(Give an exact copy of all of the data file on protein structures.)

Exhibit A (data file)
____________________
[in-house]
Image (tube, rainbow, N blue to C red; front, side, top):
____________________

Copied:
[in-house]
Image (tube, rainbow, N blue to C red; front, side, top):